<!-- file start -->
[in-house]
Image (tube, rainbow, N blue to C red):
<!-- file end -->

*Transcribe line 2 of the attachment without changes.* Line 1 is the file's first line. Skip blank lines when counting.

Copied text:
Image (tube, rainbow, N blue to C red):